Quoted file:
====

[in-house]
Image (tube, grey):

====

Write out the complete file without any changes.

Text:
[in-house]
Image (tube, grey):